Sensitivity • Do a test run for DB to become familiar with the cues and check for sensitivity • Some DBP want a lot, others want just a few. • Ways to increase sensitivity: – Make cues larger – Add a little more pressure – Use two hands instead of two fingers – Move slower


Tactile Maps • Tactile maps are used to help the DBP to understand and explore spatial information and the direction of visual environment. • This information is shared by touch using the fingertip on other person’s palm, arm or back to describe the immediate environment and surrounding obstacles. – Tactile maps can be used in isolation or in combination with sign language

Tactile Maps • Decide on classifiers: – where it is shared & shown in the air, or – where it is shared by touch and “drawing” on the body • The purpose of tactile maps is to provide the “full picture” of the visual environment in a tactile sense.

Size & Pattern • Use tactile cues to describe size, shapes, and patterns. – Use one finger for smaller shapes, three fingers or index and thumb for thicker lines or bigger shapes – One or two hands to give idea of pattern

Point-to-Point • Without losing contact, describe layout from thumb to index finger – Going around point-to-point – Going from starting point to another point and back to starting point then a different point • Used to give general direction from where the DBP is.


Attitude • Pro-Tactile is inclusive and empowering. • People who practice the PT attitude include DBP in all activities. • Never leave the DBP in a communication void. If you’re leaving, even for a few minutes, let them know and when you’ll be back. • Hook up, introduce DBP to friends who happen to stop and chat with you, never leave the DBP out.

Promote Equality • Be sensitive how you promote sighted privileges that make DB feel deflated or left behind. • When walking past a DB person, stop, identify yourself, and say hello. Sighted people can see each other and wave, we DB can’t see who is walking by so stop to say hello to give them equal access.. • Give visual info what’s happening, who’s there, what they’re doing, mood, etc so DB can make informed decisions and participate the same as everyone else.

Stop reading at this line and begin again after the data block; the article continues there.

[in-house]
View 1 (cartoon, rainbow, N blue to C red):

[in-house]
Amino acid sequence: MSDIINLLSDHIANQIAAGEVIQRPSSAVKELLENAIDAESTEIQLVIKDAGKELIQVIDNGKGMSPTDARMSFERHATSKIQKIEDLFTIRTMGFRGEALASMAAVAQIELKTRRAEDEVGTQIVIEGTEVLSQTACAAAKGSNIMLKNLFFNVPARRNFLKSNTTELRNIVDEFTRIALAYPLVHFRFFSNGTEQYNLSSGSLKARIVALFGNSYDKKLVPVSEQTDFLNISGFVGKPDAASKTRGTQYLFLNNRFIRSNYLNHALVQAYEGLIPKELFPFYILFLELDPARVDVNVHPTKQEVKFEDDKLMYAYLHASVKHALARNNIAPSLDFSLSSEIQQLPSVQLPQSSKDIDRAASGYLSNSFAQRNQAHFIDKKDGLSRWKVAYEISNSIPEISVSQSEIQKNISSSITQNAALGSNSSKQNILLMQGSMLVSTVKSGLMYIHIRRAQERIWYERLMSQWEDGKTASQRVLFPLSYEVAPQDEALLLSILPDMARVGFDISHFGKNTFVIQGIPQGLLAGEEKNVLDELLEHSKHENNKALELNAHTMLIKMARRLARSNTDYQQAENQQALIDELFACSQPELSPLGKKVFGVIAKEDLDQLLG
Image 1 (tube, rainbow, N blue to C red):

Promoting Autonomy • A DBP who incorporates the Pro-Tactile Way does things by himself (with or without support). • Example: Approaching an elevator with an SSP – The SSP stays in “touch” with the DB person at all times, guides the DBP to the elevator and indicates where the button is so the DBP can push the button himself

• This helps the DBP lead a more self-determined and fuller life.

Promoting Responsibility • Allow the DBP the first opportunity to respond or take action, whenever possible. – Example: A person approaches a group (that includes a DBP) in the hall and asks for directions to the restroom. Who should answer?

EMPOWERMENT “Deaf-Blind People can DO anything, except hear and see, using touch and their intelligence, when they are given access.” ~Jelica Nuccio & aj granda


Join us for PART 3! See how PT is demonstrated in • DBP to DBP • Real-life interpreting with an audience • 3-way communication PLUS, learn effective strategies to interpret and incorporate PT at the same time! CEUs = .15 PS Cost: $26.99 $3 off for Part 2 participants! Use discount code: EarlyPT3 To register: 46

DB-TIP Pro-Tactile, Part 2  
DB-TIP Pro-Tactile, Part 2